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Q/Which treatments are safe and effective for chronic sinusitis?


A / FOR ADULTS WITH CHRONIC RHINOSINUSITIS (CRS), INTRANASAL STEROID (INS) therapy is more likely than placebo to improve symptoms (50% vs 32%; strength of recommendation [SOR]: A, systematic reviews).

Nasal saline irrigation (SI) alleviates symptoms better than no therapy (SOR: A, systematic reviews), but it's probably not as effective as INS treatment (SOR: B, randomized controlled trial [RCT] with wide confidence interval).

Long-term (12 weeks) macrolide therapy doesn't alter patient-oriented quality-of-life measures (SOR: A, systematic reviews).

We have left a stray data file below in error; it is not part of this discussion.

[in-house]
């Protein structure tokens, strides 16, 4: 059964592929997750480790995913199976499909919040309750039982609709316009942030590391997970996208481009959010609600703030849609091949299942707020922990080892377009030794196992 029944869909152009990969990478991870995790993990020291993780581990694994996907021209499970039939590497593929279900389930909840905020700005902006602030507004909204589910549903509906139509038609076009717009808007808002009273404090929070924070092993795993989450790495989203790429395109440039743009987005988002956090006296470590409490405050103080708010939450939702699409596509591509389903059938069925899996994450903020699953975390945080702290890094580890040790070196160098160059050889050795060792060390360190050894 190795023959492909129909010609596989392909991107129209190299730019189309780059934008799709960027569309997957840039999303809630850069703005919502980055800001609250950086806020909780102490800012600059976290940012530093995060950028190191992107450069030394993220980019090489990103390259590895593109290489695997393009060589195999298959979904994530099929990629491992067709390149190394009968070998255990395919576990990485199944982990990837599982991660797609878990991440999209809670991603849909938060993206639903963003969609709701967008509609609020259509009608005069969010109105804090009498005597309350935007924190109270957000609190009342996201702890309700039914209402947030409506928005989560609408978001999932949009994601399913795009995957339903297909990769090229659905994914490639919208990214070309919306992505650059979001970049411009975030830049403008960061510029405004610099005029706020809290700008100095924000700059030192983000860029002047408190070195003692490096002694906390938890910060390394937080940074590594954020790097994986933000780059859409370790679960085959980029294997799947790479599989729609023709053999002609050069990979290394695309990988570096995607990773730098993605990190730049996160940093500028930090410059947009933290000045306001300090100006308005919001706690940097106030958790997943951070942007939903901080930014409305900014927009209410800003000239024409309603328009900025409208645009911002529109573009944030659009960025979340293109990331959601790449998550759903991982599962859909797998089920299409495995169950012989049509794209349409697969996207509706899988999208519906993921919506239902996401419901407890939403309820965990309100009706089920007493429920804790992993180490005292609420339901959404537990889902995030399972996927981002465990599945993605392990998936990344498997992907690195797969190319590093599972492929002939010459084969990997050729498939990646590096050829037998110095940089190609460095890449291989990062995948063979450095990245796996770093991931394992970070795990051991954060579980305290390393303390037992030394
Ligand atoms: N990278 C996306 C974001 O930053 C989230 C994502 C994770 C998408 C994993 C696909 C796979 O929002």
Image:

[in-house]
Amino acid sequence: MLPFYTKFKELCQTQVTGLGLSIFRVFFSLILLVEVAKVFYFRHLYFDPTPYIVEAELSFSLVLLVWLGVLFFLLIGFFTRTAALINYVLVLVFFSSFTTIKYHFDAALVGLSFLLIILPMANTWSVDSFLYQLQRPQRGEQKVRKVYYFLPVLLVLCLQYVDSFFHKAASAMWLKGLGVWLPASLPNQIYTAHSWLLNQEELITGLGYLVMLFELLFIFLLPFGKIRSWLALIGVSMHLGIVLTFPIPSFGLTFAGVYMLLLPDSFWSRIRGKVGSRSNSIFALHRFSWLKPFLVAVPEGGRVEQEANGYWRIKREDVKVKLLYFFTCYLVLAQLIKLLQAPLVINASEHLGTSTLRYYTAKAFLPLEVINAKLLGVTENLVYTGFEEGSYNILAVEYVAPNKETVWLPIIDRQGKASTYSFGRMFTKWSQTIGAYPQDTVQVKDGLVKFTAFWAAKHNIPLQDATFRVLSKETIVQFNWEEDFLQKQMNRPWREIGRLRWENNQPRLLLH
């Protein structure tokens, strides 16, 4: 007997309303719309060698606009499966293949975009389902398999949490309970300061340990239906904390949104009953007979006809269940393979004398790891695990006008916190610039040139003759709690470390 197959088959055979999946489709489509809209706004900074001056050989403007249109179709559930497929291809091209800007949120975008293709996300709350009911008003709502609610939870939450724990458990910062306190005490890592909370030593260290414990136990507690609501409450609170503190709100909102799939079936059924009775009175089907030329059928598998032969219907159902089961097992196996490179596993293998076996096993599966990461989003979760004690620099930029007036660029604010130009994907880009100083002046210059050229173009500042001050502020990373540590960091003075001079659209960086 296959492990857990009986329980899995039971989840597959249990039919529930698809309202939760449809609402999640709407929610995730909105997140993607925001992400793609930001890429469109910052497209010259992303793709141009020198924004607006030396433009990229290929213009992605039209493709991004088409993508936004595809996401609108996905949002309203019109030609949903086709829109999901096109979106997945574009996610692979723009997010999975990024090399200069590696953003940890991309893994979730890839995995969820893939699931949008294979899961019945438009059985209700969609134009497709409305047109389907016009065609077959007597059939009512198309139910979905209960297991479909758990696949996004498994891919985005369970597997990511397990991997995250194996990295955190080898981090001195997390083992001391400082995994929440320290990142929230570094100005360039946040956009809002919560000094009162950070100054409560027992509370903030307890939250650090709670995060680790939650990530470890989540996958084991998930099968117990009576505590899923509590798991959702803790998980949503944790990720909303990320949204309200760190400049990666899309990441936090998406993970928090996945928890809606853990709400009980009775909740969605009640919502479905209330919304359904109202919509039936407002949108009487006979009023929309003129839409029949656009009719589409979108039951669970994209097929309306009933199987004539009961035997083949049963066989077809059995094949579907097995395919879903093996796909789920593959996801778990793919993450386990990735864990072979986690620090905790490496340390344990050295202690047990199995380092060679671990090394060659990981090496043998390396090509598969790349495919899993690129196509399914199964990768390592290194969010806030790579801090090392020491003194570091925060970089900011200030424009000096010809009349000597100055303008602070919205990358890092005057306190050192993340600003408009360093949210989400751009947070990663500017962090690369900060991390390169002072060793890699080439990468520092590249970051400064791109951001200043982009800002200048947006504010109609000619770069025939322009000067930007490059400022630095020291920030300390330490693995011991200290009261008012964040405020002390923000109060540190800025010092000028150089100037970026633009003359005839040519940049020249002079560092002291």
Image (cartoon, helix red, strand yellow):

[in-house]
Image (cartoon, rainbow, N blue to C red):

Endoscopic sinus surgery improves CRS symptoms--nasal obstruction, discharge, and facial pain--over baseline (SOR: A, systematic reviews). Surgery and medical therapy appear about equivalent in terms of symptom improvement and quality-of-life measures (SOR: B, systematic reviews of low-quality RCTs).

Evidence summary

The TABLE (1-4) shows the major results of the meta-analyses for the various medical therapy trials.

Two systematic reviews with meta-analyses evaluated treatment with INS for CRS with nasal polyps (40 RCTs; 3624 patients, mean age 48 years, 64% male) and without polyps (10 RCTs; 590 patients, mean age 39 years, 51% male). (1,2) Trials reported sino-nasal symptom outcomes differently and couldn't be combined. In addition to reducing rate of polyp occurrence, for both CRS with and without polyps, key findings were:

* Global symptom scores were better for INS than placebo.